Religion Scholars Address Climate Change at Annual Meeting


This week over 10 thousand scholars gathered in San Diego for the joint annual meeting of the American Academy of Religion (AAR) and the Society of Biblical Literature. Professionals in higher education, publishing and media, clergy and independent scholars came to deliver and hear papers, interview for openings, to make new friends and to visit with old ones.

It is difficult to convey the scale of the gathering. At one point on Saturday morning alone there were more than one hundred and 10 sessions each with multiple papers meeting at various locations. For the few days of its existence the book exhibit is the largest religious bookstore in the history of the world.

You see the rock stars of religious study everywhere here -- scholar-celebrities who shape our experience of the past, culture and God. The conference also represents an extraordinary opportunity to ask questions to experts in the most obscure disciplines from the African-American Biblical Hermeneutics Section to the International Qur'anic Studies Association. Every night the academy screens multiple films connected to religion. This year among others the films included Noah, The New Black, G-Dog, Mental, The Eyes of Tammy Fae, Call Me Kuchu, Frisbee: The Life and Death of a Hippie Preacher.

Leaders in archaeology, history, philosophy, theology, sociology, political science, linguistics, comparative religions, etc. spoke about a dizzying variety of topics like "The Greek Translator's Portrayal of Aaron in Exodus 32 and Other Relevant Contexts," or "Linji Yixuan and Abhinavagupta on Noncultivation, or "Givenness" versus Cultivation."

Despite this diversity the focus chosen for the year concerns the problem of global climate change. One of the plenary sessions involved a presentation by representatives of the Intergovernmental Panel on Climate Change (IPCC). A paper in a different session took this group to task for relying too much on purely empirical data and for failing to adequately include perspectives from the non-industrialized world, especially indigenous peoples.

At one session the Public Religion Research Institute released the results of its national survey on what Americans think about climate change. They point out that in a democratic society the climate is a religious issue. They claim that only 27% of white evangelical Protestants believe that we are experiencing human-caused climate change. A separate plenary panel in a massive ballroom brought together experts who tried to understand why so many Christians fail to recognize that there is a scientific consensus on climate change or do not do not trust these findings.

Environmental activist Bill McKibben gave a talk about the status of climate change activism. The title of Laurie Zoloth's AAR presidential address on the environment was "Interrupting Your Life: An Ethics for the Coming Storm."

At a plenary address president Jimmy Carter spoke about the situation of women both globally and domestically. He deplored the practice of aborting female fetuses and the astonishing number of women sold into sexual bondage in our time. Carter discussed the failure of college campuses to adequately address violence against women and persistent inequality in wages and opportunity. Carter pointed out that in most cases the United Nations requirements that women participate in peace treaty negotiations are ignored. As part of the discussion that followed he also spoke about environmental legislation in the 1970's and the relation between the situation of women and climate change.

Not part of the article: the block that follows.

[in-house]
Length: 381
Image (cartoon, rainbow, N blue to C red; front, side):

Of course there was so much more happening than the climate change conversation. Other powerful moments during the conference for me included a panel composed of Jewish, Christian and Muslim scholars who delivered papers on the role of the Messiah in their various traditions. In this case the Muslim scholar talked about the way post-Mongol invasion kings created a basis for their sovereignty in popular messianic ideas. The Christian described the Book of Revelation as wartime literature by people oppressed under Rome that was then too often employed in condemning other peoples. Finally, the Jewish paper also warned that people too readily claim divine favor for their policies, but that messianism can also function as a kind of recognition that human beings do not see the world from God's perspective.


My favorite paper this year came from theologian Marilyn McCord Adams in a panel on Tanya Luhrmann's book When God Talks Back. This book is a kind of embedded anthropological study of evangelical Christians. It points out that these Christians teach methods for creating a sense of intimacy with God. These include a practice for managing or forming one's own inner life, for instance, by imagining what God might say in a particular situation, by "making a date with God."

Adams points out that other forms of Christianity also believe that God is at the center of reality and that God is personal. God is the one "to whom all hearts are open and all desires known." Christians believe that all people are to varying degrees afflicted by what she calls a severe form of "perception disorder." This means that among other things we cannot read what John Calvin calls "The book of Nature." We do not see God who is nearer to us than we are to ourselves.

Adams concludes that churches need people who can overcome this perceptual blindness. They have to become communities that encourage growing in the knowledge of God and concrete practices to accomplish this. Her last words were, "Mainline churches cannot survive unless they reinvent themselves as schools."

The American Academy of Religion and the Society of Biblical Literature are a kind of school for the schools that these churches must some day become.